• Certain medications or drugs, such as opioids or anabolic steroids;
  • Past viral infections such as mumps.

Low levels of LH hormone in men are a sign of the following symptoms:

  • Hypogonadism (low testosterone levels);
  • Sexual dysfunction;
  • Decreased libido;
  • Fatigue.

the Results of an LH Test in Men

How to Interpret the Results of an LH Test in Children?

LH levels in children are different from those in adults, as they are still in the process of developing their reproductive system. In children, high levels of luteinizing hormone, along with high levels of follicle-stimulating hormone, may indicate precocious (early) puberty (before age 9 in girls and before age 10 in boys). This condition is associated with congenital and acquired structural changes in the central nervous system. 

Low LH levels in children can indicate:

  • Delayed puberty;
  • Ovarian or testicular disorders;
  • Turner syndrome (TS) in girls or Klinefelter syndrome in boys;
  • Infections;
  • Hormone deficiency;
  • Nutritional disorders.

Why is the Luteinizing Hormone Test Done?

The LH test is a valuable diagnostic tool used to measure the level of luteinizing hormone. It helps diagnose and evaluate the following:

Fertility problems: LH test shows whether there is a problem with sperm count or if there are not enough eggs in the ovaries;

Ovulation time: women can determine their ovulation days by measuring the LH level in their blood. Women have high doses of LH in their blood just before their ovulation. They can use home urine kits to check their LH level.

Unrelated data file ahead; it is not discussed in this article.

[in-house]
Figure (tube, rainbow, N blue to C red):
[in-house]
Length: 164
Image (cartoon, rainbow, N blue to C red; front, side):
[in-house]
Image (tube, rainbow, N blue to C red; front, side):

Menopause: if your LH level is far above the normal range, you are entering the menopause phase. 

Irregular or absent periods: if the LH level in your blood is abnormal, you may miss a period or have irregular menstruation.

Early or late puberty: this test can show whether a child has early or late puberty. If teenagers have low LH, they have late puberty, and if they have high LH, their puberty has started early.

Pituitary gland problems: LH hormone is produced by the pituitary gland, so if the LH level is out of normal range, there might be a problem with this gland. 

Low testosterone: men with low testosterone usually have low libido, erectile dysfunction, patchy beard, low muscle mass, and extra weight. However, none of these symptoms can confirm low testosterone levels. Only an LH test can diagnose abnormal testosterone levels. 

What Complementary Tests Are Done Along with the Luteinizing Hormone Test?

In some cases, additional complementary tests may be prescribed to confirm the LH test results more thoroughly. These tests may include: